Advertisements that pop up on your computer screen are not random. Every time you go online, marketers monitor and track the websites you search, the links you click on and the things you buy. Companies then tailor content and ads specifically correlated to your expressed interests and spending habits. While online, you are being watched, whether you know it or not.
Yet there is a marketing phenomenon afoot that is even more invasive, and it’s happening generally without your knowledge. Here are five ways you’re being surveilled when you shop in the real world, often without even knowing it.
Think being accosted by salespeople as you enter a store is annoying? Well, some retailers now use video cameras to track customers walking the aisles of their stores. By using video analytics, companies can determine the age and gender of each customer while monitoring exactly what each person touches, looks at and picks up as they peruse the shelves.
RetailNext, the software that enables these tracking analytics, allows companies to pinpoint high traffic zones in their stores. Heat sensors are used to determine the most highly visited areas of each shop. This gives retailers valuable information as to where to place specific merchandise in order to maximize sales.
Yes, your phone may be “smart,” but when it comes to privacy your mobile device may not be doing you any favors. When you connect to a store’s free Wi-Fi, you are unknowingly allowing them access to track your movements as you shop. You are also giving them free rein to directly market to you.
By using GPS-type coding, companies can tell where you go and where you spend the most time in their stores. This “predictive modeling” information gives retailers important marketing information, like what merchandise you’re interested and in which department you spend the most time.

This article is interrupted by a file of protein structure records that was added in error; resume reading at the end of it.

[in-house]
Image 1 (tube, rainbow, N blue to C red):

Store loyalty cards
Signing up for a store card might sound like a good idea at the checkout counter, but you’re getting more than store discounts by doing so. Grocery store discount cards are an important marketing tool, tracking and storing your spending habits each time you shop. In fact, store cards are one of the first ways retailers began specifically tracking consumers as individuals.
When you use your loyalty card, companies record each transaction you make under your specific customer profile and use your spending trends to predict future transactions. Retailers take your spending habits and use the information for marketing campaigns. While it is nice to get coupons for items you are actually interested in buying, it comes at a cost — your anonymity.
“Big Brother is watching” is taking on a whole new meaning with the advent of this new technology. Philips, the electronic company, recently released an LED lighting system that can be used in stores to track and communicate directly with your cell phone.
By connecting to your phone’s camera, these lights can tell marketers exactly where you are in a given store. There’s even an app that can be connected to this technology, allowing retailers to send real-time coupons for products located exactly where you’re standing in their shop. It may be nice to get some discounts while you’re shopping, but remember that rebates are not without cost. For one, your ability to withstand impulse buying is diminished.
When you download a store app in order to get discounts and promotions, you are also giving marketers direct access to your spending habits. Opening an app in its specific store allows the company to track your movements and send you promotions to “close the deal” on a purchase.
If you have used the app to make a shopping list, retailers can tell whether you’ve forgotten or decided not to buy a certain item on your list. The company can then send you additional promos or coupons to lure you back into buying that product.
With the pervasiveness of online data collection, retail stores are given the ultimatum of either using ethically debatable tracking methods or be overrun by savvy Internet retailers. By shopping online, customers constantly give cyberspace marketers invaluable consumer information that allows them to specifically target their market audience. In order to compete with the ever-growing online market, physical stores are being forced to act like Internet sellers to keep up.
Luckily, there have been campaigns to limit consumer tracking, both on and offline. The Federal Trade Commission (FTC) is pushing for a “Do Not Track” bill to be passed by Congress. This law would make it easy for online consumers to curtail being personally monitored by cyber marketers. Likewise, the FTC is also working to make a consumer disclosure law for the use of retail video surveillance in stores. This would also enable customers to opt out of being monitored in certain situations.
Do you think it’s creepy to have your shopping tracked or monitored in stores? Or do you enjoy the benefits of receiving discounts specific to your tastes and interests?